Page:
The study was centered around a copper-gold extraction project proposed by Canada’s Nautilus Minerals on the bottom of the Bismarck Sea off the coast of Papua New Guinea. It found that while the deep seabed may hold massive amounts of minerals, accessible deposits of copper and zinc, for example, are “insufficient to satisfy a growing global demand for these metals.”
Extrapolating from the findings, one of the researchers concluded that while he thinks that seabed mining will happen eventually, “the oceans – at least on the neo-volcanic zones where people are presently exploring – are not going to make a major impact on the total availability of metals.”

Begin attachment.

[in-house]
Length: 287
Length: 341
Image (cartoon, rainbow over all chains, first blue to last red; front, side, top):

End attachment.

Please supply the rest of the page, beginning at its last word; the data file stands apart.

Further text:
Aside from the technical challenges of deep-seabed mining, there is the political challenge of clarifying who owns the seabed “commons,” as our very own Daniel McGroarty has pointed out. With a UN agency, the International Seabed Authority, exercising jurisdiction in a addition to nation-states nearest the claims, this is a scenario tailor-made for disputes and lawsuits.
Discoveries of mineral deposits are certainly fascinating, and may hold some promise for the future, when technological progress makes them more accessible, and extraction more viable. For now, however, the order of the day should be to develop a coherent strategy to secure access to critical resources by focusing on the vast mineral riches beneath our soil.